How Credit History Affects Student Loans
By Ian Wilkie
When researching your student loan consolidation information options you want to look into how credit history affects student loans.
A range of general student loan products are not credit-based, Stafford and Perkins are based solely on need and do not even perform credit checks, but not all students will qualify and these services will in many instances cover a reduce amount of less than 100% of the amount needed, especially given the high cost of education today, most students and his or her families may therefore need to supplement these with credit-based student loans, when they do being able to show a good credit report to evaluators will result in the best access to funds, with the better interest rates, as with any credit-based loans a prior history of bad credit does not make acquiring funds impossible, nevertheless it is often much harder and in many instances carries a higher interest rate, avoiding a bad credit history will hence be the difference between getting a loan or if you do obtain one, repaying much more than you would have with a good credit rating.
However what is good or bad credit?
The first issue any loan officer will examine is the FICO score, the FICO is a total score calculated by the main credit agencies based on a secret proprietary formula, though the exact equation is not public, multiple criteria are well known and even obvious.
FICO scores are calculated on outstanding debt and defaults, the amount of late re-payments and how late and how late they are 30 days, 60 days, 90 days or longer along with the amount of credit available and number of recent credit inquiries and other factors, all these are weighed up and thus for example, a default counts very heavily as do any late payments with higher late days counting more, the number of recent credit inquiries counts much less.
A range of students will not have a FICO amount at all, not having credit cards or other forms of loans that would generate the required information on which the amount is based, nevertheless most students are judged by their parents credit history in relation to granting loans, whilst student credit history is important it is the parents wages and credit history that typically counts for more in the final decision.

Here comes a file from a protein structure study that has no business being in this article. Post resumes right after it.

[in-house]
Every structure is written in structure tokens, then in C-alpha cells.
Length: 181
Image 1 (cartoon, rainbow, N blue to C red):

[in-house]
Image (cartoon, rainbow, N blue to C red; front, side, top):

Both parties want to have good credit, first and foremost that requires a FICO of above 650, and the higher the better having a total score less than that will not make getting a loan impossible, nonetheless it might trigger the need to supply further information that may influence the decision and submitting that incidental data to the people who can be influenced is not always easy.
In addition to the FICO number and linked to it, there are a number of other components that prospective borrowers should keep in mind.
Paying when required is imperative, evidence of a history of late payments and building up late re-payment charges is evidence of a poor credit risk in the minds of the lenders, staying within your available credit limits is very important as well, avoiding over limit and other costs shows a disposition to defer current gratification and take responsibility, creditors are judging not just numbers but also character as well in any decision.
Limiting the number and maximum balance amounts on credit cards will additionally assist, excessive credit inquiries suggest to lenders that someone is having difficulty meeting existing debt loads, that is a signal that re-payment of further loans may be harder, that increases the lenders default rates on loans that are not re-paid, financial institutions will try very hard to keep that default rate as low as possible, to do that they sometimes deny credit to borderline applications.
Meet all of your credit obligations and keeping all borrowing to a modest level for a long period of time makes you look like a very good risk to loan officers, which means funding any student loan will be that much easier, keep this in mind when considering any student loan consolidation information.